The question is, do we preserve that system to preserve male superiority or female superiority or because it is a pretty good efficient system with a lot going for it, and much better than the alternatives? The alternatives are expensive and require lots of regulation and government and will become huge entitlements, even requirements. They won't even guarantee that men and women will be more equal, not with women only able to produce girls and men not having wombs of their own. Perhaps not needing each other to reproduce will make things worse rather than better. And anyway, at a time when millions of people are without adequate nutrition and basic health care and our energy use is obscenely excessive, pursuing alternatives to sexual reproduction are also unethical. Plus, pursuing them will change the way we view children and equality and the other sex. It is good that we all have to cooperate with someone of the other sex to reproduce. It is good that it doesn't use any electricity to do it. It is good that the process causes us to view all people as equals because we were all created the same way, by a man's sperm fertilizing a woman's egg, without any tinkering.
 

"They won't even guarantee that men and women will be more equal, not with women only able to produce girls and men not having wombs of their own."

I rather doubt that women who are determined not even to use sperm donors are going to be too put out over not being able to give birth to males. And I fully expect we'll have artificial wombs within a decade or so. So the men WILL have wombs of their own, they'll buy them out of a catalog! (Just like many of the women, once they're proven out.)
 

right, already, lesbian couples overwhelmingly choose to have girls when sex selection is available, so most will not mind that they will only be able to have girls. Artificial wombs might indeed make men and women more equal, but that couldn't be achieved until all babies were born from them, and no women still had their own wombs, and even then, it still might not be achieved, there still might be inequalities that remain or that even are heightened.

My point remains: as a method to achieve equality of men and women and eliminate any "system of supremacy" for either sex or orientation, the idea of same-sex conception is really dubious and dumb. Postgenderist" Feminists have implied that women won't be free until women are free from their biological role as mothers, but again, we don't know that it will work, and there are other ways to achieve a better result.
Marriage is the better way to achieve a better result, where one male and one female pair up for life and spiritually and legally become one flesh, for life, sharing bed and hearth. (note the argument against polygamy inherent in this reason for marriage).
 

@ PMS_Chicago:

[Larry Fafarman]: Laws against same-sex marriage prohibit both homosexuals and heterosexuals from marrying a person of the same sex. Hence these laws treat homosexuals and heterosexuals equally and hence do not discriminate on the basis of sexual orientation.

Likewise, laws against polygamy prohibit both monogamists and polygamists from practicing polygamy. Hence these laws treat monogamists and polygamists equally and hence do not discriminate on the basis of marital status.


Likewise, laws against miscegenation prohibit both blacks and whites from marrying someone of the other race. Both races are perfectly free to marry; they may marry someone of their own race, but are equally prohibited from marrying someone of the opposite race. Neither race is disadvantaged.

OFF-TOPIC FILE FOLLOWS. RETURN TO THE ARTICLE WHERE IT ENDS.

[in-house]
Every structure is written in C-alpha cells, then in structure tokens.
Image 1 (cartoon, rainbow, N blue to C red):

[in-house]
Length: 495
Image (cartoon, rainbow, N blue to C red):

That argument went over well in Loving....

Cheers,
 

John, being a libertarian rather than an egalitarian, I'm not particularly concerned with making men and women more "equal", I'd rather just make both more free.
 

well, Brett, allowing same-sex conception won't even make people more free. First of all, same-sex couples will feel coerced to use it as soon as it is offered. It'll just be a question of if they can afford it. And then, because it would open the door to allowing all forms of genetic modification, it would lead to all people feeling coerced to use enhanced or at least screened gametes, because it will be seen as unethical to use natural gametes. It won't be too long before people are not allowed to use natural gametes, it could actually be a crime. At first it will seem like a new option is being offered, but look further down that road and you'll see that it isn't freedom at all.
 

"First of all, same-sex couples will feel coerced to use it as soon as it is offered."

Being a libertarian, I also have little interest in arguments that people are coerced by having more options, so we ought to 'free' them by restricting the options available to them. Sorry, that's at best nonsense.

You can claim that we'll inevitably lose our reproductive liberty as a result of genetic engineering being used on humans, but the only person I see attacking that liberty right now is YOU.
 

There's a principle called "procreative beneficence" that operates on everyone's moral beliefs which causes people to choose everything offered to them in order to have the "best possible child". It is almost like not having a choice at all. It's like having the choice to drink during pregnancy, sure, some will choose to, but most people feel obligated to quit drinking, and people get mighty upset at anyone they see drinking while pregnant.
And it's not only me, most other countries have banned germline GE, it's only a few psycho countries that are pursuing it. I don't know what is so wrong with the US that so many people here think we should be intervening in the process of people having babies, I think it is a form of guilt.
 

This reminds me of an old joke.

Three men walk into a bar. The bartender asks the first man, "What'll you have?" The guy responds, "I'll have a beer." The bartender nods and gets the guy a beer.

He turns to the second guy. "What about you, buddy?" The second guy thinks for a second and says, "I'll have a shot of whiskey." "You bet," says the bartender, and he gives the guy a shot of whiskey.

"And you? What's your poison?" the bartender asked the third guy. Without batting an eye, the guy responds, "It won't be too long before people are not allowed to use natural gametes; it could actually be a crime!"